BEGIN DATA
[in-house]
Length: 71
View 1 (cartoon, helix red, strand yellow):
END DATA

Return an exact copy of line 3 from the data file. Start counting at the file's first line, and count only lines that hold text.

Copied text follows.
View 1 (cartoon, helix red, strand yellow):